A Pattern in the Rings<p>The <a href="https://www.encyclopedia.com/science/dictionaries-thesauruses-pictures-and-press-releases/coppice-standards-0" target="_blank">coppice-with-standards</a> management practice produces a two-story forest, said <a href="https://www.researchgate.net/profile/Bernhard_Muigg" target="_blank">Bernhard Muigg</a>, a dendrochronologist at the University of Freiburg in Germany. "You have an upper story of single trees that are allowed to grow for several understory generations."</p><p>That arrangement imprints a characteristic tree ring pattern in a forest's upper story trees (the "standards"): thick rings indicative of heavy growth, which show up at regular intervals as the surrounding smaller trees are cut down. "The trees are growing faster," said Muigg. "You can really see it with your naked eye."</p><p>Muigg and his collaborators characterized that <a href="https://ltrr.arizona.edu/about/treerings" target="_blank">dendrochronological pattern</a> in 161 oak trees growing in central Germany, one of the few remaining sites in Europe with actively managed coppice-with-standards forests. They found up to nine cycles of heavy growth in the trees, the oldest of which was planted in 1761. The researchers then turned to a historical data set — more than 2,000 oak <a href="https://eos.org/articles/podcast-discovering-europes-history-through-its-timbers" target="_blank" rel="noopener noreferrer">timbers from buildings and archaeological sites</a> in Germany and France dating from between 300 and 2015 — to look for a similar pattern.</p>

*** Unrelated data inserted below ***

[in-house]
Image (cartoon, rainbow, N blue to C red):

A Gap of 500 Years<p>The team found wood with the characteristic coppice-with-standards tree ring pattern dating to as early as the 6th century. That was a surprise, Muigg and his colleagues concluded, because the first mention of this forest management practice in historical documents occurred only roughly 500 years later, in the 13th century.</p><p>It's probable that forest management practices were not well documented prior to the High Middle Ages (1000–1250), the researchers suggested. "Forests are mainly mentioned in the context of royal hunting interests or donations," said Muigg. Dendrochronological studies are particularly important because they can reveal information not captured by a sparse historical record, he added.</p><p>These results were <a href="https://www.nature.com/articles/s41598-020-78933-8" target="_blank">published in December in <em>Scientific Reports</em></a>.</p><p>"It's nice to see the longevity and the history of coppice-with-standards," said <a href="https://www.teagasc.ie/contact/staff-directory/s/ian-short/" target="_blank">Ian Short</a>, a forestry researcher at Teagasc, the Agriculture and Food Development Authority in Ireland, not involved in the research. This technique is valuable because it promotes conservation and habitat biodiversity, Short said. "In the next 10 or 20 years, I think we'll see more coppice-with-standards coming back into production."</p><p>In the future, Muigg and his collaborators hope to analyze a larger sample of historic timbers to trace how the coppice-with-standards practice spread throughout Europe. It will be interesting to understand where this technique originated and how it propagated, said Muigg, and there are plenty of old pieces of wood waiting to be analyzed. "There [are] tons of dendrochronological data."</p><p><em><a href="mailto:firstname.lastname@example.org" target="_blank" rel="noopener noreferrer">Katherine Kornei</a> is a freelance science journalist covering Earth and space science. Her bylines frequently appear in Eos, Science, and The New York Times. Katherine holds a Ph.D. in astronomy from the University of California, Los Angeles.</em></p><p><em>This story originally appeared in <a href="https://eos.org/articles/tree-rings-reveal-how-ancient-forests-were-managed" target="_blank">Eos</a></em> <em>and is republished here as part of Covering Climate Now, a global journalism collaboration strengthening coverage of the climate story.</em></p>